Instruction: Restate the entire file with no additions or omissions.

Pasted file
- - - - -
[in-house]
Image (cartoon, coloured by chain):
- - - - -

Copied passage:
[in-house]
Image (cartoon, coloured by chain):